Five Quick Facts About Carbon Capture: What You Need to Know
Carbon capture, or carbon sequestration, is receiving a lot of attention in the news and in Congress. In short, carbon capture is the process of taking carbon dioxide from manmade facilities and storing it deep underground. This reduces the amount of carbon dioxide that makes it into the atmosphere, which can slow the accumulation of greenhouse gases and the effects of climate change. KLJ is on the cutting edge of this new technology, and we’re already completing work on one of the first carbon capture projects of its kind in North Dakota. If you’re considering investing in carbon capture infrastructure or just want to learn more about this hot topic, here are five quick facts about carbon capture that will set you up for sequestration success.
It pays to play.
Carbon capture is widely considered the next big thing in the ethanol, oil & gas, coal, industrial, and green energy markets, and the federal government is ready to fund it. A significant portion of the $73 billion set aside for power transmission projects in the Infrastructure Investment and Jobs Act will go towards carbon capture. The federal government has also announced huge tax credits (also called carbon credits) that can be earned through carbon capture.
It’s all about the rock.
When carbon is captured on the surface, it can’t be injected into just any subterranean area. There needs to be a “rock,” or a place that can store that carbon indefinitely. These are usually sedimentary rock reservoirs (like in North Dakota or Wyoming) or salt caverns (like in Texas or Louisiana) many miles beneath the surface.
It does not harm drinking water supplies.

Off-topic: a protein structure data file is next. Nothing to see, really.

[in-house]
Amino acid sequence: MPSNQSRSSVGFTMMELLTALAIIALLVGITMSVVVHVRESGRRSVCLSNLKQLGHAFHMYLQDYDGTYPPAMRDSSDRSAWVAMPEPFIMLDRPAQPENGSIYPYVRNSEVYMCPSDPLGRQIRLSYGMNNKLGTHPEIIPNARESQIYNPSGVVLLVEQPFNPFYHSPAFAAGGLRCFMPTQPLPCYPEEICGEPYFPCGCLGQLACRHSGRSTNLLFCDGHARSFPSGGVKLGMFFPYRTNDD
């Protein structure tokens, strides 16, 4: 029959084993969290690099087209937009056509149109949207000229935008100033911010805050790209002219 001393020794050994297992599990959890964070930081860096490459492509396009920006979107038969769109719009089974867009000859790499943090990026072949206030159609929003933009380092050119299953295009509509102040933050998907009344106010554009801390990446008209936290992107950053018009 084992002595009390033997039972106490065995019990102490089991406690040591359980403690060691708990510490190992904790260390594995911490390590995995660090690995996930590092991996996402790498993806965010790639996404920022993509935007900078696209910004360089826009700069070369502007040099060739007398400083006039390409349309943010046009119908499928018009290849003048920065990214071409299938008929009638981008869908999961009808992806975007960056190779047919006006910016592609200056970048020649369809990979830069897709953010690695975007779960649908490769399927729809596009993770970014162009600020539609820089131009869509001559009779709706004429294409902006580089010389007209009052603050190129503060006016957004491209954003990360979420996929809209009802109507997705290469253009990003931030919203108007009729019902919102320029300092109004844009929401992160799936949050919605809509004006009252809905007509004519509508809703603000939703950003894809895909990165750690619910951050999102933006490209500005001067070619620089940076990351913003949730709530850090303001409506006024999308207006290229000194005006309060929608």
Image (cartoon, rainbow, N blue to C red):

Because the captured carbon is stored many miles underground and does not produce fissures, it is not a threat to underground water supplies that are much closer to the surface. However, if the carbon were to somehow escape, the worst outcome would be sparkling water coming from your faucets. La Croix on tap, anyone?
North Dakota is the place to be.
Carbon capture is the up-and-coming star of the oil and gas market, and we’re already seeing projects start up in the Bakken oil field in North Dakota. Because of its regulatory landscape and the abundance of subterranean “rocks” to store captured carbon in, North Dakota is home to some of the first projects in the world. North Dakota and Wyoming are the only two states where an EPA permit is not required for C02 projects. As a national firm headquartered in North Dakota with offices in Wyoming, KLJ has been leading the charge in developing this technology for our clients to take advantage of federal incentives and to grow their bottom lines.
You’ll need a team to get it done.
There’s a lot of moving parts when it comes to executing a carbon capture project. Grant writing, land surveys, title work, reservoir leasing, landowner notifications, right-of-way processes, environmental assessments, permitting, facility design, pipeline design, construction, and construction management are all services that are essential to getting a site ready to begin carbon sequestration. Luckily, KLJ has all these services in-house and ready to go for your project. We can help you through the project process from beginning to end without the hassle of finding multiple firms or getting different teams up to speed. We have the experts you need on hand to get you up and running with this new opportunity. To read more about our carbon capture expertise and how we can help you take advantage of federal funding and tax credits, contact Mark Jeske at email@example.com or visit our website.